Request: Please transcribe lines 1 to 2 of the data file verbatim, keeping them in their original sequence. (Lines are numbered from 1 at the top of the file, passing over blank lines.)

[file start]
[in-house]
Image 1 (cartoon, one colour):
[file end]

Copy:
[in-house]
Image 1 (cartoon, one colour):